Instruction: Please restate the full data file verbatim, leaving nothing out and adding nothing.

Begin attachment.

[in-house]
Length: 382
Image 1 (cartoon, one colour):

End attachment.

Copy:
[in-house]
Length: 382
Image 1 (cartoon, one colour):